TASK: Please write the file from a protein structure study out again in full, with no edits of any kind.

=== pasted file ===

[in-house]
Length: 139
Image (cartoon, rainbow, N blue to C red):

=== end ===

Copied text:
[in-house]
Length: 139
Image (cartoon, rainbow, N blue to C red):